Truck Tech: November 2013
The number of firefighters killed while riding to and from calls in apparatuses has dropped over the last five years, as have the number of those who have become physically disabled and unable to return to work because of injuries from collisions.
November 12, 2013
By Chris Dennis
The number of firefighters killed while riding to and from calls in apparatuses has dropped over the last five years, as have the number of those who have become physically disabled and unable to return to work because of injuries from collisions. This decrease is largely due to the safety features now found in fire trucks.
Today’s custom-built apparatuses are manufactured to NFPA standards and have a plethora of safety features suggested by experts in the Canadian fire service. The one thing the trucks can’t do is make firefighters abide by the rules.
|Photo 1: The safety system in modern fire trucks will not only detect when a passenger is not wearing a seatbelt, but will also recognize when the belt has been cheated, for example, if the belt is buckled up before the occupant is seated.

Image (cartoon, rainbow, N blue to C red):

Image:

|Photo 2: Neglecting to wear a seatbelt will trigger a red light on the dash or on the multi-plex screen indicating that an occupant is not buckled up.
|Photo 3: The system can also determine where the unrestrained passenger is seated, making it easy for the officer to determine who is not wearing a seatbelt.
|Photo 4: Each tire on the truck must have a visual indicator or monitoring system to show when the air pressure is low. photos by Chris Dennis
In Ontario, the Ministry of Labour’s Section 21 advisory committee on firefighter occupational health and safety recommends that firefighters stay seated when in the truck and wear their seatbelts.
There is an exemption under the Highway Traffic Act for firefighters occupying the seat behind the driver’s cab “where the performance of work activities make it impracticable to wear a seat belt assembly.” But the Section 21 Committee recommends that seatbelts always be worn while the vehicle is in motion.
The seatbelt is a certified, engineered and well-tested piece of safety equipment. Seatbelt placement and design in fire trucks is unique because of SCBA and bulky PPE. While three-point harnesses are the most common type of seatbelt for fire trucks, lap belts can still be found; under NFPA 1901, which applies to all apparatuses ordered on or after Jan. 1, 2009, the lap portion of a seatbelt must be a minimum of 1.5 metres (60 inches) long to fit over bunker gear.
In addition, seatbelt webbing for apparatuses is brightly coloured so that it can be identified as a seatbelt and not be mistaken for a strap for breathing apparatus. Also, in the event of collision, the brightly coloured seatbelt can be easily distinguished from SCBA webbing if it needs to be cut off.